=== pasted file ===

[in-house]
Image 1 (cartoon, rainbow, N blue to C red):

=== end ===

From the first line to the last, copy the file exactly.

[in-house]
Image 1 (cartoon, rainbow, N blue to C red):